Thursday, April 28, 2011

A Stole Full of Peas

If Chicago's rainy streak doesn't break soon, I'm afraid I'll break out in moss. Everyone passing the café window is bent forward, shoulders hunched under the weight of the persistently beastly weather.

This has been a dreary spring even for a city in which dreary weather is a specialty. The only thing grayer than the sky is the grass. Optimistic trees that put out buds during a freak warm spell weeks ago are now shivering with regret. We got a few daffodils and tulips, here and there. Most died quick and humiliating deaths, beheaded or stabbed in the back by the north wind.

To garden near the lake in Chicago is to be a masochist. Nature intended this land to be swamp, wind-swept and mostly populated by grass and skunk cabbage.* You are reminded of this every time you watch a perennial trumpeted as "bulletproof" pop its clogs due to the sort of bizarre weather you thought went out of fashion after they put the finishing touches on the Book of Exodus.

Mind you, the city's official motto is Urbs in horto–city in a garden. Hah. A fib in Latin is still a fib.

But this is the first place I've actually got dirt to play with, after a frustrated lifetime of poring over gardening books and poking dejectedly at window boxes. It's not my dirt, but it's dirt. Though I don't own it–it's a series of neglected beds attached to a condominium in my neighborhood–as long as I've got it, I'm going to make it bloom, dammit.

Unlike many of my strong impulses, which will not be itemized here as my mother is probably reading this, I know where this urge to garden comes from.

One of my very earliest memories, clear as a bell, is of sitting on the turf by my grandmother's vegetable garden, watching her dig and plant. I can't have been older than a year-and-a-half. I may have only just learned to sit up. But I recall the scent, and the feeling of the clammy earth, and the print of her cotton shirt and the soft sound of the spade. It was a moment of pure joy, and before I die I plan to recapture it as nearly and as often as possible.

The garden is long gone, but I know for certain that my fascination with planting and growing–which for years has been stifled–comes from that moment.

A New Pattern

When Véronik Avery asked me to do something with Boréale, the fingering weight yarn from her St-Denis Yarns line, the color and texture sparked the memory of my grandmother's garden. I'm sure it was because of the richness of the brown–deep, not dull–very much like well-worked soil.

I turned into a stole, Pauline, named after this lady, to whom I owe more than I can ever hope to repay. It's in Issue 3 of the St-Denis Magazine, now winging its way to local shops and online shops pretty much everywhere.

Pauline Stole

The pattern is designed to be extremely adaptable. Without any complicated math whatsoever you can change the width and length to suit your purposes. It'll scale down to a scarf or up to a bedspread with ease.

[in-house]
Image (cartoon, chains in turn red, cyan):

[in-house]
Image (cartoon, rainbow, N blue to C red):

Pauline Stole

And the framework will accommodate your own choice of small lace motifs if you so fancy. I've put in things I remember my grandmother growing: peas-in-the-pod, strawberry blossoms, and (because even a vegetable garden should be pretty) hydrangeas.

Pauline Stole

The overall look is rustic. I wanted to see if I could make lace look pretty, but tough...just like my Grandma.

Royal Wedding Report

In case you haven't been following the unfolding events via Twitter at @yarnpoetharry and @doloresvanh, Harry made it to London. So did Dolores. She wasn't supposed to go, of course, but was (this is what I've been told) a victim of her own selflessness.

So worried was she about Harry's ability to negotiate the perils of O'Hare Airport on his own that she jumped through hoops to secure a "gate pass" from the airline and accompanied him to the aircraft. After helping him settle his snickerdoodles in the overhead compartment, she tried to exit, but tripped and got stuck under an empty seat in First Class.

Fancy that. It's a good thing she had a toothbrush, a copy of Liberated Ewe Quarterly and a week's worth of clothing with her.

I asked why the airlines didn't send her right back upon arrival at Heathrow. All I got was somewhat incoherent babble about one of the pilots busting in on her in the loo, and now having something in his private life he'd rather not have her tell the tabloids. If you want to know more, you can ask her. I'm keeping out of it.

Harry's Twitter feed suggests that he is having a marvelous time, making friends with Australian yarns who are also staying at the International Yarn Hostel in Wapping, visiting Kew Gardens, and going to see friends at I Knit London. Dolores can barely type at all, so I infer that she is also having a marvelous time in her own way.

I have been promised a full report after the solemn occasion, so look for it here this weekend or keep an eye on Harry's tweets. I hope he remembers to iron his formal morning ball band before setting off for the Abbey.

*Shikaakwa or chee-ca-gou in the tongue of the native peoples, from which comes our name.

30 comments:

Sahar said...

Oh Franklin. The Stole is beautiful. Grandma will be so pleased. Lovely Lovely!

chellebelle said...

What a lovely stole. I love to garden too.. I'm horrible at it, but love it for the dirt.

Pat said...